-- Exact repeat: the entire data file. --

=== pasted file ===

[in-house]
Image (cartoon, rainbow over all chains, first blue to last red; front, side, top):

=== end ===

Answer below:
[in-house]
Image (cartoon, rainbow over all chains, first blue to last red; front, side, top):